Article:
Laurice Gilbert, President of the New Zealand Poetry Society, said, "It's a wonderful opportunity for us, as a volunteer organisation, to combine with the resources of Bookhabit.com to take poetry in new directions. We are excited about being part of an internet presence that draws attention to poetry, and includes emerging New Zealand poets in an international setting." from Scoop.co.nz

Check out the competition Conditions of entry.

Friday, 19 September 2008

Shiver me timbers...

... that's a really bright shirt you are wearing! Said with a croak in the voice (which I have no trouble with as I have been at so many different speaking engagements this week, the voice has reached the deep husky tone) for Loud Shirt Day (to support deaf awareness) and "Speak like a pirate day" (for no real reason). Put a smile on your face because the forecast for the weekend is for FINE WEATHER.

(By the way, the best blog award of the day goes to Moata's blog at Stuff.co.nz - check it out).

So apart from the Writers Festival out west, what can you do with your weekend? One of the bigger events is the Rodney District Art Awards Exhibition which is on this weekend, Saturday 20th and Sunday 21st from 10am to 4pm at The Belfry, Ascenscion Vineyard, Matakana Road just out of Warkworth.

Get out and check out the markets, the beaches or just visit one of the wonderful cafes or galleries we have in the area.

Have a good one everyone - Go the Warriors and the Silver Ferns!!

PS I believe the whitebait are running. I am available for taste testing the different whitebait fritter recipes around the district..... ka kite ano

Thursday, 18 September 2008

Special Guest

Warkworth Storytime had a special guest this morning when Craig (otherwise known as contestant number 2) and Brownie came along to read a story and join in the fun. Craig read one of Clint's favourite books about Kapai's holiday and despite lots of nerves did really well and by the end of the session was singing along to Twinkle Twinkle.

Check out the Times FM website to see the rest of the photos of Clint and Craig at storytime and find out how you can help him in the contest - Living with Brownie.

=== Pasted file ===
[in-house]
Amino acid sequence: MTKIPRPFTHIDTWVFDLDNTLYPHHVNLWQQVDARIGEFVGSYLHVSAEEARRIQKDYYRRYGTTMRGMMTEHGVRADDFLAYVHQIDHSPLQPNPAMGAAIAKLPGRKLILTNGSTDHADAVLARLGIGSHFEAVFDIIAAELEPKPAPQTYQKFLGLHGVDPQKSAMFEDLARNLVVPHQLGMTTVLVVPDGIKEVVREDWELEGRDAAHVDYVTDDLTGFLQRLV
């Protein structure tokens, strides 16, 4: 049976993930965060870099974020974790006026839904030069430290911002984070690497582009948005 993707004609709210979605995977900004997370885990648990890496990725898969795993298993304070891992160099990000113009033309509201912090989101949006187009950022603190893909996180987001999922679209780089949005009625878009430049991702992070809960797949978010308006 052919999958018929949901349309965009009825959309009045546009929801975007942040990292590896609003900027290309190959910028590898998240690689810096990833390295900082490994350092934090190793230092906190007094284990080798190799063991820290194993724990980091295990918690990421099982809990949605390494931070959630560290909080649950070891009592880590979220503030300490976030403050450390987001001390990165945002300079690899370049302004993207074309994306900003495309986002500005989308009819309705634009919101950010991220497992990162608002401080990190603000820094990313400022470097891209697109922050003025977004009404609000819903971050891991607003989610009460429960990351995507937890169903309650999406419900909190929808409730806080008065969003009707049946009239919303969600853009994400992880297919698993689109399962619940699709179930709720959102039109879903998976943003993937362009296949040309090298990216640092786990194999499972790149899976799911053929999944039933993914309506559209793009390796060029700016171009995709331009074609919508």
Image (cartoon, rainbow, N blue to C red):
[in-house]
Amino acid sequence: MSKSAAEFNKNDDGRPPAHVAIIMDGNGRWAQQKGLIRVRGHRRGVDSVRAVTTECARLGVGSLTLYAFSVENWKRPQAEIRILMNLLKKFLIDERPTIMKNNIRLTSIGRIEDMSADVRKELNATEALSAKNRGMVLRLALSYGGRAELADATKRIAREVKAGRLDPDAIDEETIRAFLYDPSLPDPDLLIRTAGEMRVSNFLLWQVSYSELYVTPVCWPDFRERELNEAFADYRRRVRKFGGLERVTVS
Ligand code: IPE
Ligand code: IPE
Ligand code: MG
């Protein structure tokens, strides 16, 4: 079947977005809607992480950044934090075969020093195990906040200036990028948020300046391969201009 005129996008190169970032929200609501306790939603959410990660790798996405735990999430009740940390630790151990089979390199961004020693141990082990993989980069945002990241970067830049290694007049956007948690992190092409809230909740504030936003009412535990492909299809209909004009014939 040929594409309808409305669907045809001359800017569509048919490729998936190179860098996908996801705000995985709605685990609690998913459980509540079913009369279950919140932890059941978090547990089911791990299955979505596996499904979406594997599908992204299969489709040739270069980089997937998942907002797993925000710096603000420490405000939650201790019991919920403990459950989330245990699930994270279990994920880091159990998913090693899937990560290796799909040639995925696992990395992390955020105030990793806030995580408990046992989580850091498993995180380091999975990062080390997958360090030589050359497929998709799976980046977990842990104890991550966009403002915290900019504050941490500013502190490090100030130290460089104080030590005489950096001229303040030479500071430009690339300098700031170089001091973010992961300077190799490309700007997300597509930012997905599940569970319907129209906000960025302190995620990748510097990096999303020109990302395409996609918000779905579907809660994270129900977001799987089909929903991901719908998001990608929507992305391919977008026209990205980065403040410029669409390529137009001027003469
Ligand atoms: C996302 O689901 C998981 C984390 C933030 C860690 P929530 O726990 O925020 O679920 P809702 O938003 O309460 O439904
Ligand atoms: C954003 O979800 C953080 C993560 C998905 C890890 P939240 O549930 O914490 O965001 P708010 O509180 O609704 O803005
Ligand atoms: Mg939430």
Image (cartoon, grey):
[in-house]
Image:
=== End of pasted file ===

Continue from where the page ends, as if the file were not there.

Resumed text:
Wednesday, 17 September 2008

The word around us

"The word around us" is on this weekend. It's the literary weekend programme in the Going West festival. The festival exclusively celebrates New Zealand writers. The organisers say "Each year there seems to be more to profile; more stars, more diversity, more challenging ideas." The festival has been on since 17 August and goes until the end of book month.
"The word around us" starts on Friday night with a powhiri at 7pm. There are 3 sessions after that including "Polynation" - a dynamic one-hour show telling the stories of Pacific people. Saturday and Sunday are filled with a diverse range of events. On Saturday you can hear about climate change, Chinese history in New Zealand, moko and about being a fiction writer in New zealand. On Sunday you can hear about how words change meaning, writing when you have a family, poetry and the 'Fish of the Week'. Actually, it's all a bit much to discuss here so pop on over to the website and have a look.

Tuesday, 16 September 2008

Be Aware

Sometimes the trend for Awareness Weeks and Months just gets to be too overwhelming. There are so many on at once, that it's hard to keep them all straight.

So rather than doing posts highlighting each separately, heres a quick run down on September (half of which has already gone, I know. But at least there's still time to sort out your Loud Shirt for Friday).

Blue September - Prostrate Cancer Awareness Month
Cervical Screening Awareness Month
Life Insurance Awareness Month

1st to 6th
1st - Gamble Free Day
Continence Awareness Week.
Multiple Sclerosis Awareness
Literacy Week
ADD/ADHD Awareness Week
Epilepsy NZ Awareness Week
8th to 14th
Conservation Week
Adult Learners Week
Stroke Foundation Awareness & Appeal Week
8th International Literacy Day
12th World Dental Day
14th Māori Language Day
15th to 21st
NZ Fashion Weekin Auckland
15th World Lymphoma Day
Retina Awareness Week
19th Loud Shirt Day
19th International Talk Like a Pirate Day
21st International Day of Peace
21st World Alzheimers Day
22nd to 28th
Deaf Awareness Week
UNICEF Awareness Week
26 Term 3 ends - Primary, Intermediate & Secondary
26th Sept to 3rd Oct
Arthritis Foundation Annual Street Appeal

And of course if you want to know more about any of these, your local Rodney Library is of course a great place to start. Catch us in our Loud Shirts on Friday.

Monday, 15 September 2008